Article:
(Bloomberg View) -- Not long ago, Microsoft was widely seen as the archetypal evil corporate empire: A brutish monopoly, bereft of new ideas and embodying all that went wrong with first-generation tech titans. Under Chief Executive Satya Nadella, however, its creativity has been revived and its contribution to Europe's fight against U.S. Internet surveillance is evidence of that.
Last month, the European Court of Justice ruled that the U.S. could no longer be viewed as a "safe harbor" for European Internet users' data, because it made the data available to its intelligence services. The ruling was rooted in National Security Agency whistle-blower Edward Snowden's revelations of a program called Prism, which enabled the agency to peruse the private messages and other data sent by the customers of top U.S. Internet firms. According to Snowden's documents, Microsoft was the first to sign up for Prism, preceding the likes of Apple, Google and Facebook.
Now, Microsoft is the first to offer a solution to the problem U.S. companies face in Europe. And it's a good solution.
Starting next year, the American company will offer cloud services to its European customers from two data centers that are based in Germany and run by a local "data trustee," Deutsche Telekom. This means Microsoft will not be able to access the data without permission from the clients and from Deutsche Telekom, which operates under Germany's tight data protection law.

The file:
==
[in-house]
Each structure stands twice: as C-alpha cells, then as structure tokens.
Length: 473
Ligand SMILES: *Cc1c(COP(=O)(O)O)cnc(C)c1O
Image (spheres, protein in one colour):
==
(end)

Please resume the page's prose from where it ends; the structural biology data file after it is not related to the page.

Microsoft is a top player in the cloud world. In the first half of 2015, it was number one in the world in terms of revenue from all cloud computing segments, overtaking Amazon and Salesforce, according to a recent Wikibon report:
Microsoft's scheme, in effect, shifts responsibility for permitting data transfer to the U.S. to Deutsche Telekom, which will be unmotivated to allow it in cases that might create legal problems. The partly state-owned company is subject to constant press scrutiny and takes privacy issues seriously enough to publish a special annual report on the issue.
There is, of course, the danger that German intelligence will gain access to the data (and then, potentially, share it), but German society is better than most at thwarting the excessive hunger for information that seems to afflict all secret services. In August, Germany's top prosecutor was fired for pursuing bloggers who had revealed an intelligence plan to expand Internet surveillance. A German Snowden would have become a hero for revealing a German Prism. That's why most Germans expect their cloud service providers to use exclusively local data centers.
On the one hand, Microsoft's decision to turn to Deutsche Telekom is an admission of weakness: It's telling clients that the company is unable to guarantee the protection of their data from prying eyes in the U.S. On the other hand, this is also a show of strength, put on for the U.S. law enforcement agencies Microsoft is currently fighting in court. The U.S. Department of Justice is trying to prove its right to access emails stored on a server in Ireland, something the company has resisted for two years. Microsoft, which earns more than half of its revenue outside the U.S., has now demonstrated that, as an international company, it has business relationships that allow it to act outside U.S. jurisdiction if necessary.
Besides, Microsoft is daring competitors to make a similar move; if they fail to follow suit, they will appear suspect to European customers.
The scheme's brilliance is comparable to Nadella's vision of a single operating system for all devices. Microsoft is no longer a stumbling giant: It has the ideas to lead the industry again.
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